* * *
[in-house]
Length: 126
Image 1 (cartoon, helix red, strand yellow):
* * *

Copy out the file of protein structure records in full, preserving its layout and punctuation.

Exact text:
[in-house]
Length: 126
Image 1 (cartoon, helix red, strand yellow):